Saturday, 11 June 2011
By Sharon at SheWorships
This week I learned two very important lessons:
To be grateful for the gift of hearing, and the danger of using Q-tips to clean your ears. However, the link between these two lessons is probably not what you’d guess. No, I did not burst my ear drum with a Q-tip. The story is actually a lot more grotesque than that, but before I explain I’ll give you the back story.
About a month ago I developed an ear infection for the first time since I was probably in third grade. I didn’t even know adults developed ear infections! Unfortunately, about that same time I lost hearing in that ear and long after the infection subsided my hearing loss persisted. My doctor instructed me to come back after 2 weeks if my hearing hadn’t returned, but by then I was far away in North Carolina.
Finally, after an entire month of hearing loss in my left ear, I went to an ENT in Charlotte who looked in my ear and realized the problem. This is where it gets gross, so if you’re squeamish you may wanna skip to the next paragraph. Apparently my hearing loss was the result of using Q-tips to clean my ears. Ironically, in trying to clean my ears of wax I instead pushed the wax further down into my ear duct, which consequently impaired my hearing. I was able to witness the problem first-hand when my doctor washed out my ear and a large plug of wax popped out. Yes, I know that is an incredibly disgusting story but it is also a cautionary tale! Do not use Q-tips to clean your ears! I thought I was doing the right thing by using them, but apparently our ears don’t need much help. God designed them to do a good job cleaning themselves.
Ok, the gross part is over.
After I left the office that morning, I was on cloud nine. Before the ear infection I had never understood just how much we need BOTH ears in order to hear. It really does make a difference. I spent an entire month asking people to “speak into my good ear” and constantly turning my head to one side in order to better listen. I had to sit strategically at dinner tables so that my good ear was facing the conversation. I had to monitor my voice level to make sure I wasn’t speaking too loudly or softly. In dozens of tiny ways I had to readjust my daily actions in order to compensate for my deaf ear.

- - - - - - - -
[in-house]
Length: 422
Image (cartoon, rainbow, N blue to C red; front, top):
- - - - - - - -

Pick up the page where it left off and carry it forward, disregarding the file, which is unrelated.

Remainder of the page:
With a month of that behind me, I was exhilarated to have my hearing restored. I have never been so grateful to hear out of both ears! An aspect of my daily life that I had previously taken for granted was now a treasure to me. For several days after, I occasionally paused to take note of the fact that I could, wonderfully, hear out of my left ear.
As a woman, I spend a lot of time focusing on the things about myself that I don’t like, such as the parts of my body with which I am dissatisfied. If I had the option I would probably change a thing or two about my body, and those “problem areas” steal the majority of my attention. However, losing my hearing opened my eyes to how rarely I thank God for my health. Rarely do I meditate on how perfectly God designed and sustains the human body. Even when I am sick or injured, there are other parts of my body that continue to function beautifully and flawlessly.
I also see this skewed mentality play out on a broader scale. In life, I tend to focus on what I don’t have instead of thanking God for what I do have. I allow the stress of school, the lack of any real income, and comparison with others blind me. I forget that pursuing a PhD is a gift, and that God has provided for us in MANY ways. When I look back on all the things that fell into place so that Ike and I could both pursue PhD’s, it is incredible. Almost miraculous! But do I celebrate those blessings on a daily basis? No. I focus on the fact that neither one of us has a full-time job, and it seems like school is taking forever, and all my other friends seem to be settling into nice houses and having babies.
Some seasons of life are indeed difficult ones. Not every season is a season of abundant joy and gratitude. Sometimes God takes away. But for many of us, we live in the land of discontent because we have chosen to. We willfully overlook the blessings of hearing, seeing, walking, marriage, children and having a job. But more importantly, we too often forget the blessing we have in Jesus Christ, without whom we truly would be hopeless.
So while this message is not a profound one, it is easy to forget: Be grateful for the many ways God has blessed you. You won’t recognize them if you don’t look for them, but He really is good and He sustains our every breath. Be grateful.